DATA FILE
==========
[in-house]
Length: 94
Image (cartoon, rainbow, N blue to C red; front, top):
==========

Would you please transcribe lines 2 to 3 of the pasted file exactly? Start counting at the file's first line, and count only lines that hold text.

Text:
Length: 94
Image (cartoon, rainbow, N blue to C red; front, top):